Session wraps up in Albany

Rounding up the week’s political news.

State Senate Majority Leader Andrea Stewart Cousins takes questions from reporters as the session winds down.

State Senate Majority Leader Andrea Stewart Cousins takes questions from reporters as the session winds down. NYS Senate Media Services

The end of the year’s legislative session got started with a bang… and a bear. In an incident reminiscent of the coyote that became the darling of the 2018 budget negotiations, a black bear found his way into an Albany park just a few blocks from the Capitol and later found himself stuck up a tree. For a few hours, politicos were enraptured by the wayward wanderer. All ended well for the bear, but unfortunately, it was just the start of a very long week for lawmakers. For more on what they got done, keep reading.

Lawmakers approve gun safety measures

As they wrapped up legislating for the year, lawmakers in Albany agreed on a package of 10 bills meant to strengthen the state’s already tight gun laws and address violent extremism online. Perhaps most significantly, the state Legislature approved a bill that would require licensing to purchase and use a semiautomatic rifle, effectively raising the age to buy one from 18 to 21. When signed into law, New York will join only a handful of states that have placed a higher age requirement on the AR-15 style weapons, though other states have faced issues over the constitutionality of their laws. Another bill will, in most cases, prevent the sale to civilians of body vests – the type like the alleged Buffalo shooter wore that protected him from the subdual attempts of a retired police officer. Lawmakers also passed bills to strengthen the state’s Red Flag law, which permits the confiscation of a person’s gun if they are deemed a threat to themselves or others by requiring law enforcement to file for an extreme risk protection order in those instances. Another piece of legislation will create a task force focused on violent extremist domestic terrorism fueled by racist ideology, with another making public threats of mass violence a crime.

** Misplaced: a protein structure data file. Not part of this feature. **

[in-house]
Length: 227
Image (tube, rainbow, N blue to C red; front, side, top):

Strengthening abortion access tops priorities

State lawmakers tackled another national issue in abortion rights, as the U.S. Supreme Court appears poised to overturn Roe v. Wade. New York had already codified the right to an abortion in state law in 2019, but the state Legislature approved several new bills that would protect abortion providers against miscondunct allegations and out-of-state legal action in cases where they offer care to out-of-state patients coming from areas where abortion may become illegal. Lawmakers also voted on other bills meant to strengthen the protections in the state, which were already among the strongest in the nation. However, a state constitutional amendment that would have codified various equality rights, including against discrimination based on pregnancy status and reproductive care choices, did not make it over the finish line despite strong pushes from advocates to get the ball rolling on the multiyear process to amend the state Constitution. 

Voting rights come to New York

Rounding out the national topics that lawmakers took up was voting rights as they approved the John R. Lewis Voting Rights Act of New York, named for its federal counterpart that so far has failed to pass in the U.S. Senate. The landmark bill would codify a series of voting rights protections into state law in the wake of the recent gutting of the 1965 Voting Rights Act and subsequent rollback of national protections. If signed into law, the legislation would represent the most comprehensive and strongest state-level protections in the country, with its sponsors looking now to the Congress to act on its own version of the bill. 

Late night negotiating

In true Albany fashion, bills that seemed dead found new sparks of life in the waning hours of the legislative session as lawmakers continued their marathon bill passing. On the state Senate side, a two-year moratorium on upstate cryptocurrency mining that passed in the Assembly appeared to be a lost cause before a late-night update showed that lawmakers had managed to reach an agreement. First came reports of its revival, then the actual passage of the legislation in the wee hours of the morning. On the Assembly side, the trajectory of the Clean Slate Act changed rapidly in the course of a day, with reporting revealing opposition from the state Education Department creating hesitancy among some members. By the evening, the bill sponsor revealed that she had reached an agreement with education officials to get the legislation that would automatically seal the records of many New Yorkers with criminal convictions after a certain period of time. Once on its way to the graveyard, the bill suddenly was on the verge of approval.

Mixed bag for Eric Adams

The end of the legislative session in Albany brought with it some victories and some losses for New York City Mayor Eric Adams. Notably, he got an extension on mayoral control of city schools, but for only two years and with a change to the overall governance structure that he did not approve of. However, lawmakers also passed an extension of the city’s speed camera program, keeping that in municipal hands as well. And the Legislature voted to approve the Public Housing Preservation Fund, which would open up billions in much needed funding for the city’s decrepit public housing system. But Adams didn’t get a victory when it came to a controversial tax break for developers to incentivize the building of affordable housing, which lawmakers decided to let expire before heading home.